Majjhima Nikaya


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Majjhima Nikāya
II. Majjhima Paṇṇāsa
2. Bhikkhu Vagga

Sacred Books of the Buddhists
Volume V
Dialogues of the Buddha
Part IV

Further Dialogues of the Buddha
Volume I

Translated from the Pali
by Lord Chalmers
G.C.B.
Sometime Governor of Ceylon

London
Humphrey Milford
Oxford University Press
1926
Public Domain

Sutta 67

Cātumā Suttaɱ

Of Land Sharks

 


[456] [324]

[1][pts][upal] THUS have I heard:

Once when the Lord was staying at Cātumā
in the myrobalan wood,
there came to visit him five hundred Almsmen
headed by Sāriputta and Moggallāna.

These newcomers,
while they were being greeted by the resident Almsmen
and were being shown their billets
and while they were [325] putting away their bowls and robes,
talked loud
and made a great noise.

Said the Lord to the reverend Ānanda:

Who pray are these loud-voiced noisy persons,
like so many fishermen over their catch?

There have come to visit you, sir,
five hundred Almsmen headed ...
a great noise.

Tell them from me, Ānanda,
that the Master desires their presence.

Ānanda having duly done so,
those Almsmen obediently [457] came to the Lord
and with proper salutations
took their seats to one side,
there to be asked why there was all this clamour and noise,
as of so many fishermen over their catch.

It was these five hundred Almsmen, sir,
headed ... a great noise.

Depart, Almsmen; I bid you begone;
you cannot dwell near me.

Yes, sir, said they obediently,
as, rising up from their seats,
they took reverential leave of the Lord,
folded up their bedding,
took their bowls and robes,
and went away.

At that time the Sakyans of Cātumā
were met together in their moot-hall
on some business or other;
and, when from a distance
they observed these Almsmen going away,
they went up to them
and asked where they were going.

The Lord, sirs, has bidden us all begone.

Mollify. I know you know what it means, but do you know what it means? > L. molli = soft. To soften.

p.p. explains it all — p.p.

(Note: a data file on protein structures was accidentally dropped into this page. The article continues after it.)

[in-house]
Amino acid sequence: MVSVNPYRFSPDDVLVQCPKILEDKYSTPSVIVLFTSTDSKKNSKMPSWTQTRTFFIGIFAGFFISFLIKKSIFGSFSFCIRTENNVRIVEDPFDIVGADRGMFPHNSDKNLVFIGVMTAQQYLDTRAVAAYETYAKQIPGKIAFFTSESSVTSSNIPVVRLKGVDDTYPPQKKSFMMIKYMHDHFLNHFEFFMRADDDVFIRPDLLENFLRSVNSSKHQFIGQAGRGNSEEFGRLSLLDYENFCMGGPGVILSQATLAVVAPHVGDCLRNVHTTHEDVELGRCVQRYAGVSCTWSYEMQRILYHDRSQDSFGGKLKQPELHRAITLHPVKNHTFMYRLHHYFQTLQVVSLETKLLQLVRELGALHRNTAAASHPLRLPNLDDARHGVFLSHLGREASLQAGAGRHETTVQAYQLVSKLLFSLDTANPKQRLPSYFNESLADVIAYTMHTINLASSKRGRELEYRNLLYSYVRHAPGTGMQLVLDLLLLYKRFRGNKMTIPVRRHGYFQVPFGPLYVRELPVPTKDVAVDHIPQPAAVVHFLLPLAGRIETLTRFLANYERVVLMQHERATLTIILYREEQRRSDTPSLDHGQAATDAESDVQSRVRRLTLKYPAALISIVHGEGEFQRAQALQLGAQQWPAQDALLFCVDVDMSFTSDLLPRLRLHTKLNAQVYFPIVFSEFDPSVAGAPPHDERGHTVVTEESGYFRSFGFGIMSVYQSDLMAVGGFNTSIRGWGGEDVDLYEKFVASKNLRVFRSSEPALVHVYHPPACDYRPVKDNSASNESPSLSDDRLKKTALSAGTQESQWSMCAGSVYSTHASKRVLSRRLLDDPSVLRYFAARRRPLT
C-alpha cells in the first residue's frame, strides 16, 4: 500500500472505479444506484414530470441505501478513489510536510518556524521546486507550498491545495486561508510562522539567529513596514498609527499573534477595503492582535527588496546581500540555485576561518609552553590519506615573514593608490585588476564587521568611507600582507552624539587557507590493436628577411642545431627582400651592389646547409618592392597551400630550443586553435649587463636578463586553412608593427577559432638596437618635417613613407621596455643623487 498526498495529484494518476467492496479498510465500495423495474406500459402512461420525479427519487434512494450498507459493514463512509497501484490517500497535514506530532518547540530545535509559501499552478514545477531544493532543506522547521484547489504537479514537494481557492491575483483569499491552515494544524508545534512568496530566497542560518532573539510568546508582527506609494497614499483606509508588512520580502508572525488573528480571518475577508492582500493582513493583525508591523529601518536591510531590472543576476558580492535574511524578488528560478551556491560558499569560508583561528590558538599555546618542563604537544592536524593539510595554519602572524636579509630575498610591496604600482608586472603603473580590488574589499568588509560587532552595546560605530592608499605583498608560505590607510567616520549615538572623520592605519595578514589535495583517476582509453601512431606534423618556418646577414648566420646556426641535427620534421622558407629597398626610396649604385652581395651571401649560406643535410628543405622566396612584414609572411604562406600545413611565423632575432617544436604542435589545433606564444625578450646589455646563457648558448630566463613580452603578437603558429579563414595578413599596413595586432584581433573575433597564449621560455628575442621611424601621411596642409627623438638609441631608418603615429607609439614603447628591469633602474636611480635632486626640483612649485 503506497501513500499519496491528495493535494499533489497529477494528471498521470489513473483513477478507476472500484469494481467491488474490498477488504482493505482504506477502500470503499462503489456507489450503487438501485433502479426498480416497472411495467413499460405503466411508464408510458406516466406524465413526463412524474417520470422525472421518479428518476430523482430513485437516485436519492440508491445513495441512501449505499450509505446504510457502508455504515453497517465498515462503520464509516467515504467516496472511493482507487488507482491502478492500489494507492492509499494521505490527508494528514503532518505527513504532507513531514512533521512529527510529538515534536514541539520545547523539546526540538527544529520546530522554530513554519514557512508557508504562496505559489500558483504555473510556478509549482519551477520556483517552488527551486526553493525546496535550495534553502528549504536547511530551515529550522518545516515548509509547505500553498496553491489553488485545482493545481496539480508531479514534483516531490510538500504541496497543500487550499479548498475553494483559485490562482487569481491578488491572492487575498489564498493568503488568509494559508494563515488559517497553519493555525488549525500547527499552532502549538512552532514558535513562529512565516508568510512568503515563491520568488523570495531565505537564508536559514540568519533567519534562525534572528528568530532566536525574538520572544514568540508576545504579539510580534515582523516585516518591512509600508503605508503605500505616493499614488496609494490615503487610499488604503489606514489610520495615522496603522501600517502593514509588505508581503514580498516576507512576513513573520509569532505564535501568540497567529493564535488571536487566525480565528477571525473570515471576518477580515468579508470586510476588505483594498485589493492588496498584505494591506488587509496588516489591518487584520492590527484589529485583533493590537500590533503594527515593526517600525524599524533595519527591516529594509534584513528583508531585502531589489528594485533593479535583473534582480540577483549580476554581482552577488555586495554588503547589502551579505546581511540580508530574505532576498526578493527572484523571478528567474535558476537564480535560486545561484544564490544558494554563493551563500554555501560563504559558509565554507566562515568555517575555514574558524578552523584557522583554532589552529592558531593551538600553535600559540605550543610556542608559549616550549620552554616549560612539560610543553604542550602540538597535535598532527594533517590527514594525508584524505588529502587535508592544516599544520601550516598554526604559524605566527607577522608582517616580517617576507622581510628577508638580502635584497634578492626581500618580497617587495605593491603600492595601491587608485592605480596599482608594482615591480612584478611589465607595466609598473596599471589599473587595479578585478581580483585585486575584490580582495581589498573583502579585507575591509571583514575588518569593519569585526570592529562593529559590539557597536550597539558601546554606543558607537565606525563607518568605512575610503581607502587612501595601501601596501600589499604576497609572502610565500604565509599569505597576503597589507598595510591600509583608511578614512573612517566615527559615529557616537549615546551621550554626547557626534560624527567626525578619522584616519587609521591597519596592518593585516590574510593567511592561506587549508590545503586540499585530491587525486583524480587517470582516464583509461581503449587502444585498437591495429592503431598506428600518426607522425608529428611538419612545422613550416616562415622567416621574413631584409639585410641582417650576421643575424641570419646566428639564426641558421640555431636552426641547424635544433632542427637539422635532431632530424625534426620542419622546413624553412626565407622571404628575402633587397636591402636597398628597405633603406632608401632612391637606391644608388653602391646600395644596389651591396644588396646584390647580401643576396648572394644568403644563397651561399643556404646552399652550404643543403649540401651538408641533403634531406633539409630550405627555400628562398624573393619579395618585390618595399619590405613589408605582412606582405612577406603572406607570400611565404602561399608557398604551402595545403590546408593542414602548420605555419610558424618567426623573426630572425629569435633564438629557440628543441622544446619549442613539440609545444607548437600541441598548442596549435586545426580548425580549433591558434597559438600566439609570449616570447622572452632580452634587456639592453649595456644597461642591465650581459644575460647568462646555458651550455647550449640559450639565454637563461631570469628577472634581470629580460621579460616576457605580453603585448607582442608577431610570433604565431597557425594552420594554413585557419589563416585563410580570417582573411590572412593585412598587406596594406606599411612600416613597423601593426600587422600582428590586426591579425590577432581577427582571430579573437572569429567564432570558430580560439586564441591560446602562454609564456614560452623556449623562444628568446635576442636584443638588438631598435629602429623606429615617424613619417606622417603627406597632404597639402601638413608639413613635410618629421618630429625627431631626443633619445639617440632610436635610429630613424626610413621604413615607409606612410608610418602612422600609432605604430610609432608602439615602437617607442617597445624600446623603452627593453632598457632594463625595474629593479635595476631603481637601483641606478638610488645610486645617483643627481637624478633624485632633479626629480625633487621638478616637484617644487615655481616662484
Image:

Sit down for a while, reverend sirs;
we may be able to mollify the Lord.

So these Almsmen sat down
while the Sakyans of Cātumā went off to the Lord
and, seating themselves after salutations,
spoke thus:

Let the Lord show favour to the Almsmen
and extend a welcome to them.

As in the past the Lord has been kindly to the Confraternity,
so let him be kindly to them now.

Among them, sir, are young recruits
that have but recently joined
and are fresh to this Doctrine and Law;
to these it would be a shock and a set-back,
if they fail to see the Lord, -
just as drought to young crops
[458] or as losing sight of its mother to a young calf.

As in [326] the past the Lord has been kindly to them,
so let him be kindly to them now, -
showing favour to the Almsmen
and extending a welcome to them.

Then Brahmā Sahampati,
divining with his own heart
the thoughts of the Lord's heart,
vanished from out of his heaven
to re-appear in the Lord's presence, -
as easily as a strong man might stretch out his arm
or draw back his outstretched arm.

With his right shoulder respectfully bared,
Brahmā stretched forth folded palms
in homage towards the Lord, saying,
as the Sakyans had said: -

Let the Lord shew favour ...
a welcome to them.

[459] Now the Sakyans of Cātumā
and Brahmā Sahampati
by their illustrations from young crops
and the young calf
succeeded in mollifying the Lord.

Said the reverend Mahā-Moggallāna to those Almsmen:

Arise, sirs, and take up your bowls and robes;
the Sakyans of Cātumā
and Brahmā Sahampati
have succeeded in mollifying the Lord
by illustrations from young crops
and the young calf.

So at his bidding the Almsmen arose,
took up their bowls and robes,
went to the Lord,
saluted him
and took their seats to one side.

Sāriputta was sitting hard by,
and the Lord asked him what he had thought
when those Almsmen were sent away.

I thought, said Sāriputta,
that the Lord did not want to be troubled just then
but to enjoy present bliss,
and that we too would do the same.

Go away. 'Get on with you!' 'Forget that!' 'No way!'

p.p. explains it all — p.p.

Go away, Sāriputta;
go away
and never let such an idea cross your mind again.

Turning to Moggallāna,
the Lord asked him the same question
and received the answer that he had thought,